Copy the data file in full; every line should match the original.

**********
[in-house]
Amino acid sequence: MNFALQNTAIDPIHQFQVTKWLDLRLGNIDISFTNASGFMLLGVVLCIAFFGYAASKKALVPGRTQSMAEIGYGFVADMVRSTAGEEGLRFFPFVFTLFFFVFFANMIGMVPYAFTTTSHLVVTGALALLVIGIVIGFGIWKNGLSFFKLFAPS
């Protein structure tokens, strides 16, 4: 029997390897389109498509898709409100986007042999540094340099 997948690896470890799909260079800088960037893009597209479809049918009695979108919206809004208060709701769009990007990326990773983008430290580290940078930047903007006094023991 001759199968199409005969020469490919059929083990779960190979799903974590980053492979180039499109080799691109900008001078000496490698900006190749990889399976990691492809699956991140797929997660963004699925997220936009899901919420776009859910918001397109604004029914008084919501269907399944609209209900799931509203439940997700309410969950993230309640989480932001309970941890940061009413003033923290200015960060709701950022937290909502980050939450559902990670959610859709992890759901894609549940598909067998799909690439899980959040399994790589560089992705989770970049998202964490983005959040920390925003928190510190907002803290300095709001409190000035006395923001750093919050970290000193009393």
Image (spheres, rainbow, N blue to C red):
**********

[in-house]
Amino acid sequence: MNFALQNTAIDPIHQFQVTKWLDLRLGNIDISFTNASGFMLLGVVLCIAFFGYAASKKALVPGRTQSMAEIGYGFVADMVRSTAGEEGLRFFPFVFTLFFFVFFANMIGMVPYAFTTTSHLVVTGALALLVIGIVIGFGIWKNGLSFFKLFAPS
């Protein structure tokens, strides 16, 4: 029997390897389109498509898709409100986007042999540094340099 997948690896470890799909260079800088960037893009597209479809049918009695979108919206809004208060709701769009990007990326990773983008430290580290940078930047903007006094023991 001759199968199409005969020469490919059929083990779960190979799903974590980053492979180039499109080799691109900008001078000496490698900006190749990889399976990691492809699956991140797929997660963004699925997220936009899901919420776009859910918001397109604004029914008084919501269907399944609209209900799931509203439940997700309410969950993230309640989480932001309970941890940061009413003033923290200015960060709701950022937290909502980050939450559902990670959610859709992890759901894609549940598909067998799909690439899980959040399994790589560089992705989770970049998202964490983005959040920390925003928190510190907002803290300095709001409190000035006395923001750093919050970290000193009393």
Image (spheres, rainbow, N blue to C red):